Where the chips fall: South-East Asia's rising semiconductor fortunes

Where the chips fall: South-East Asia’s rising semiconductor fortunes

The recent slew of trade policy and legislative measures taken by the United States to curb China will hurt its biggest rival’s chip-making industry, especially with the passing of the Chips and Science Act on July 28.

But the effects of the US maneuvers may be short-lived, given the draw of China’s vast demand for chips, which are used in anything from consumer electronics to military equipment, incentivizing semiconductor companies to look for workarounds, analysts said.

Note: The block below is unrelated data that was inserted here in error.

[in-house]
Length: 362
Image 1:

A US$39 billion (S$55 billion) program under the Chips Act will give American or foreign semiconductor manufacturing and research firms grants of up to US$3 billion per project to set up or expand their production facilities in the US. But a condition of the Act, which aims to boost US competitiveness in advanced manufacturing with a US$280 billion package, prohibits recipients of federal funds from expanding or upgrading their chip capacity in China.


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